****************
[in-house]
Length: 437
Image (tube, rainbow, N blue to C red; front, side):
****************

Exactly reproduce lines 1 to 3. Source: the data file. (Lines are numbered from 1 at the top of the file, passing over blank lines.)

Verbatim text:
[in-house]
Length: 437
Image (tube, rainbow, N blue to C red; front, side):